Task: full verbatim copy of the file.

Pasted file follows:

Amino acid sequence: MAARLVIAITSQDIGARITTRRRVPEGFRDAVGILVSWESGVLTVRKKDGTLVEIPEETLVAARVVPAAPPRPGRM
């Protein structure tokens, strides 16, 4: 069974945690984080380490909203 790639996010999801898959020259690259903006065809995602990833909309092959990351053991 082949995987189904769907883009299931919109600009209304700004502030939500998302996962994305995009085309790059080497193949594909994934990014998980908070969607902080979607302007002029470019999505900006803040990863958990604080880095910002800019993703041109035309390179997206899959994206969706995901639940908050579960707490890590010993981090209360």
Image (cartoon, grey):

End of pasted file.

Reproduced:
Amino acid sequence: MAARLVIAITSQDIGARITTRRRVPEGFRDAVGILVSWESGVLTVRKKDGTLVEIPEETLVAARVVPAAPPRPGRM
């Protein structure tokens, strides 16, 4: 069974945690984080380490909203 790639996010999801898959020259690259903006065809995602990833909309092959990351053991 082949995987189904769907883009299931919109600009209304700004502030939500998302996962994305995009085309790059080497193949594909994934990014998980908070969607902080979607302007002029470019999505900006803040990863958990604080880095910002800019993703041109035309390179997206899959994206969706995901639940908050579960707490890590010993981090209360």
Image (cartoon, grey):